Chapter 5 “Tejano and Proud”: Regional Accordion Traditions of South Texas and the Border Region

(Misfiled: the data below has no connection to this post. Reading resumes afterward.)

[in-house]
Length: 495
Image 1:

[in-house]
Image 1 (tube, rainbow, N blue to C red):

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5 “Tejano and Proud” Regional Accordion Traditions of South Texas and the Border Region cathy ragland Atthe1993TejanoConjuntoFestivalenSanAntonio,thepioneeringaccordionist NarcisoMartínezdidnotperformashehaddonealmosteveryyearsincethefirst festivalin1982.HisdeathinJune1992markedformanyconjuntomusiciansand enthusiasts the end of an era in the history of Mexican American music in Texas. And though the entire festival in 1993 was dedicated to the memory of Martínez, it continued on as it had in the past. The raíces (roots) night in which Martínez had been featured continued to celebrate the influence of conjunto’s pioneers as it had in previous years. Each year since, the festival has been rejuvenated with a newrosterofconjuntoheroesreplacingthosewho,likeMartínez,hadpassedon. The term conjunto, it should be noted, simply means “group” or “ensemble,” but in South Texas it refers to a musical style associated with the Mexican American or “Tejano”—the identifier many people in this region have come to prefer. One notable aspect of 1993’s raíces night was that not one of the accordionists performed without bass and drums. Up until his death, Martínez was one of a handful of accordionists who still performed accompanied only by the bajo sexto (a combination bass/rhythm guitar with twelve—six double-course—strings believed to have originated from the state of Durango in Mexico). In years past, the festival director Juan Tejeda introduced Martínez and his bajo sexto player (usually Fred Zimmerle or Toby Torres, each with his own story as a pioneering artist) as representing the “original conjunto style and where it all began, with just the 88 cathy ragland Figure 5.1  The South Texas-Mexico border region. Map by Helena Simonett. acordeónybajosexto.”1 The double bass (known locally as the tololoche) was added in San Antonio during the late 1940s. Some sixteen years later, there are very few conjuntomusicansatthefestivalwhowouldhaveanymemoryofhearingthegenre playedlivewithouttheelectricbassanddrums.Forthem,thenotionof“traditional conjuntostyle”meanssomethingdifferentthanwhatTejedadescribed.Today,at the annual conjunto festival, there is no longer a “raíces night,” where those who actually made some of the very first recordings of Tejano conjunto, in the 1930s, 1940s, and even the early 1950s, held forth as living proof of the music’s staying power. Those influential artists and accordionists—Martínez, Valerio Longoria, Tony de La Rosa, Juan López—are all gone now, and the new “pioneers” are recognizedforkeepingthemusicaliveastheytravelthe “tacocircuit”ofsmalltowns andurbancentersthattakesthemhundredsofmilesthroughoutSouthTexasand, attimes,topointsfurtherbeyond.Someoftheseartists,likeFlacoJiménez,SantiagoJim énezJr.,MingoSaldívar,andJoelGuzmán,haveevenplayedattheWhite House and to fans throughout Europe and Asia. These individuals have made the music their life’s work, as the first “global” ambassadors of conjunto music and representatives of a people who had once struggled to be counted and recognized fortheircontributionstotheuniquecultureandmusicoftheregion.Buttheyalso 89 “Tejano and Proud” havemuchincommonwiththefirstpioneers.Manyoftheseartistsstillplaysome of the same songs that the raíces artists made popular in their early recordings, and each is known for having crafted a distinct style of accordion playing. Santiago Jiménez Jr., the son of the influential San Antonio accordionist SantiagoSr .(theoriginal“ElFlaco”)andbrothertoLeonardo(Flaco),hassaidthat,to him, “traditional conjunto style is the two-row Hohner accordion, bajosexto, and tololoche(doublebass). . .withnodrums.Thedrumscamelater,andthatchanged thestyle.”2 TonydeLaRosa,whowasaboutadecadeolderthanSantiagoJr.andis credited with having developed the “modern conjunto style” in the mid-1950s, when he added the electric bass and drums to the accordion and bajo sexto core, once said in an interview that “the bajo and I can sit there and play all day and all Figure 5.2  San Antonio accordionist Santiago Jiménez Jr. continues the Jiménez family tradition of playing polkas and schottisches on the German-made Hohner accordion. Photograph by Jane Levine. 90 cathy ragland night long. But for me, if the drums aren’t there I cannot get into the rhythm.”3 Fromthisperiodon,conjuntoaccordionists(typicallytheensembleleaders)could not imagine playing this music without the rhythm section. However, Martínez’s earlyrecordingsin1936onBluebirdRecords(asubsidiaryofRCA),featuringonly the accordion and bajo sexto, are considered by many to be the first recordings of conjunto music and, therefore, the beginning of a Tejano music tradition. By playing vibrant polkas, schottisches, mazurkas, waltzes, and Mexican huapangos (afolkdancewitharapidlyalternatingrhythmicpattern)onthetreblebuttonsof the Hohner, two-row diatonic accordion and leaving the bass notes alone, Mart ínezallowedhisbajosextoplayer,SantiagoAlmeida,theopportunitytodevelopa distinctivestyleofplayingbyusingacross-pickingtechniquewithanalternating pattern and by playing the notes of the bass chord individually. This approach to playing the instrument produced a syncopated effect and increased the tempo of these rhythms (and the dancing), which set the Texas-Mexican sound apart from that of the local German and Czech population, who initially brought the accordion and early repertoire to the region. These early Martínez-Almeida recordings made the pairing...


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